Birds are hardly the only travelers associated with LeClaire, of course. America’s greatest journeyman showman was born here in 1846. William Frederick “Buffalo Bill” Cody painted a portrait of the “Old West” that continues to thrive today. Established in 1957, the Buffalo Bill Museum is an educational center that displays cultural history about local river pilots, regionally significant artifacts, Native American society and, of course, Buffalo Bill. Many of the displays feature one-of-a-kind curiosities, like the 1869 Lone Star Stern Wheeler, the only Western River-style wooden-hulled boat left in the United States. In addition to our greatest frontiersman, visitors can also learn about other LeClaire residents, like airplane “Black Box” inventor James “Crash” Ryan II. The new, interactive “Just for Kids” room is a great place for younger family members to play and learn.
The Buffalo Bill Museum, located in LeClaire, Iowa is excited to announce the opening of their new addition housing a replica 1920’s interior of a one room school house. The new school room addition is named The Robert Schiffke 1920’s Era One Room School House Exhibit in honor of the museum’s director. For a century, from the 1850’s to the 1950’s, one-room school houses in Iowa were thriving. The museum’s project is focused on what students would have experienced in the 1920’s. The replica contains authentic artifacts used in one room school houses located in Iowa. The exhibit encourages visitors to interact with objects found in daily educational techniques of that time. The Buffalo Bill Museum is pleased to be able to bring such a fine educational tool the region.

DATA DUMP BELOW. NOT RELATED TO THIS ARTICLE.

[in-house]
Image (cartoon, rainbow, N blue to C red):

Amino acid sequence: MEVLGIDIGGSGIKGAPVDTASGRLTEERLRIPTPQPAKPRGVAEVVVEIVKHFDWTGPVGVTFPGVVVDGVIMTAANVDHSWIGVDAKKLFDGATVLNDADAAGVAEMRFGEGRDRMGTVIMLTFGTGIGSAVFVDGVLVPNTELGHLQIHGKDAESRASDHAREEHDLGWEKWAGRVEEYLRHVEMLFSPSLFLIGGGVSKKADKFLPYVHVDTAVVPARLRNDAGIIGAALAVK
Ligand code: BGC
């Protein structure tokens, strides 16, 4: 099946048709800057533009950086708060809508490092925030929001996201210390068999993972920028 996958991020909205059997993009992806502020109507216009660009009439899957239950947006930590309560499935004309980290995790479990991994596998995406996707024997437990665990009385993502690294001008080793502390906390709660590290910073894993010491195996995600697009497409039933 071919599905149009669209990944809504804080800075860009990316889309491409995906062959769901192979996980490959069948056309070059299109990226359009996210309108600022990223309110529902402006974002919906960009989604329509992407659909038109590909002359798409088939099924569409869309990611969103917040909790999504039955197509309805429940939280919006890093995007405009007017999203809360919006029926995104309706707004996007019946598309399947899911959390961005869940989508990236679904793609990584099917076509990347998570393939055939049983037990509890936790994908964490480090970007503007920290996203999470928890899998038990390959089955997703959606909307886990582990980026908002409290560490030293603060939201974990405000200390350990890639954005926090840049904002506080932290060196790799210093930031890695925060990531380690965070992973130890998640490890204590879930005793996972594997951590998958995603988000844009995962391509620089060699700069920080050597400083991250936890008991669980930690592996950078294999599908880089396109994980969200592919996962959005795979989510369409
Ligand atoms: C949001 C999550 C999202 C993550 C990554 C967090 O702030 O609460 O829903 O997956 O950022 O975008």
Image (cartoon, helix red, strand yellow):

LeClaire’s cultural legacy goes well beyond Buffalo Bill. Antique Archaeology’s owner Mike Wolfe is also host of “American Pickers,” the popular antiques program on the History Channel. Mike’s shop is one of several antique and curiosity shops in LeClaire, a regional hub for Americana treasures. Antique collecting is a two-way conversation, Mike and Frank will be scouring Iowa for rare collections for their “American Pickers” program from May 27-June 9. You can contact them if you possess a potential treasure chest to explore.
Outdoor lovers will enjoy Hollyhock Park, Scout Park and one public parkland-style golf course, in addition to time beside the Mississippi River on the LeClaire Levee. The Levee is also where visitors embark on Riverboat Twilight River Cruises, an amazing opportunity to cruise 166-miles over two days with an overnight in Dubuque. There are also single day and 90-minute cruises available from late May thru mid-October.
A visit to LeClaire provides a lens into one of the most vibrant segments of American history, life along the Mississippi River. From visiting the instrumental Lock and Dam #14 to visiting the Lone Star Stern Wheeler to walking among the river pilot houses in the Cody Road Historic District, exploring LeClaire is an expedition into our national folklore. With colorful characters like Wild Bill Cody, exceptional wildlife viewing as well as charming riverside dining and lodging, it’s easy to see why LeClaire, Iowa has been listed as the “Best Place to Take an Out of Town Guest” 7 years in a row! Stop by www.visitleclaire.com to learn more.